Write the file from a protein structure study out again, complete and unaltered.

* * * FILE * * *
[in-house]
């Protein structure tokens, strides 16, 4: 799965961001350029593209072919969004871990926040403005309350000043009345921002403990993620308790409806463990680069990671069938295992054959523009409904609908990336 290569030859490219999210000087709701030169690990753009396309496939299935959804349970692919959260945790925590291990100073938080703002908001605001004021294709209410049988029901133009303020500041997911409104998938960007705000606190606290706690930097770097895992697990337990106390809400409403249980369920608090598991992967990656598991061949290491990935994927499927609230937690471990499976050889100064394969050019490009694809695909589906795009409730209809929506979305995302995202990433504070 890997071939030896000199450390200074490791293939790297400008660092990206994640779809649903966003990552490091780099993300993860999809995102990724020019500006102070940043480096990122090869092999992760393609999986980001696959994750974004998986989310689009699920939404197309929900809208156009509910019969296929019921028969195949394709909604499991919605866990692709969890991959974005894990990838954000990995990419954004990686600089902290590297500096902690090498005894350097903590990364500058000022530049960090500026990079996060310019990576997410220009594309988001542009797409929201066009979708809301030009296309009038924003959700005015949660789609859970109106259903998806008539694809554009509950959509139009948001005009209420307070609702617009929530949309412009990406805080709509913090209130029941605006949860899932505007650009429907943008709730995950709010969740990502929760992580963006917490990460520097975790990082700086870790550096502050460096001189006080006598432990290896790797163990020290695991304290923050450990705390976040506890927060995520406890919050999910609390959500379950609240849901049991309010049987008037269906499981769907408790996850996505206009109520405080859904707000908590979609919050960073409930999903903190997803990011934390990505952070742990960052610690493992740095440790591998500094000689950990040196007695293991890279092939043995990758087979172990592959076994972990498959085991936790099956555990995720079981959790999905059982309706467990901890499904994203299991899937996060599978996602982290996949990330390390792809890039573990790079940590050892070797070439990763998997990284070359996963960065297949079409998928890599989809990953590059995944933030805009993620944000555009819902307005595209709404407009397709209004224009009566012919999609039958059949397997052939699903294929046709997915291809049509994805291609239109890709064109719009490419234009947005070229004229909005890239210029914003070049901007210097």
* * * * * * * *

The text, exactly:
[in-house]
């Protein structure tokens, strides 16, 4: 799965961001350029593209072919969004871990926040403005309350000043009345921002403990993620308790409806463990680069990671069938295992054959523009409904609908990336 290569030859490219999210000087709701030169690990753009396309496939299935959804349970692919959260945790925590291990100073938080703002908001605001004021294709209410049988029901133009303020500041997911409104998938960007705000606190606290706690930097770097895992697990337990106390809400409403249980369920608090598991992967990656598991061949290491990935994927499927609230937690471990499976050889100064394969050019490009694809695909589906795009409730209809929506979305995302995202990433504070 890997071939030896000199450390200074490791293939790297400008660092990206994640779809649903966003990552490091780099993300993860999809995102990724020019500006102070940043480096990122090869092999992760393609999986980001696959994750974004998986989310689009699920939404197309929900809208156009509910019969296929019921028969195949394709909604499991919605866990692709969890991959974005894990990838954000990995990419954004990686600089902290590297500096902690090498005894350097903590990364500058000022530049960090500026990079996060310019990576997410220009594309988001542009797409929201066009979708809301030009296309009038924003959700005015949660789609859970109106259903998806008539694809554009509950959509139009948001005009209420307070609702617009929530949309412009990406805080709509913090209130029941605006949860899932505007650009429907943008709730995950709010969740990502929760992580963006917490990460520097975790990082700086870790550096502050460096001189006080006598432990290896790797163990020290695991304290923050450990705390976040506890927060995520406890919050999910609390959500379950609240849901049991309010049987008037269906499981769907408790996850996505206009109520405080859904707000908590979609919050960073409930999903903190997803990011934390990505952070742990960052610690493992740095440790591998500094000689950990040196007695293991890279092939043995990758087979172990592959076994972990498959085991936790099956555990995720079981959790999905059982309706467990901890499904994203299991899937996060599978996602982290996949990330390390792809890039573990790079940590050892070797070439990763998997990284070359996963960065297949079409998928890599989809990953590059995944933030805009993620944000555009819902307005595209709404407009397709209004224009009566012919999609039958059949397997052939699903294929046709997915291809049509994805291609239109890709064109719009490419234009947005070229004229909005890239210029914003070049901007210097």